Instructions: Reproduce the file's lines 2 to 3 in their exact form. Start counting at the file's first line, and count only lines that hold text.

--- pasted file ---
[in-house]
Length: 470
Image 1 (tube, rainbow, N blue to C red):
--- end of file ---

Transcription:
Length: 470
Image 1 (tube, rainbow, N blue to C red):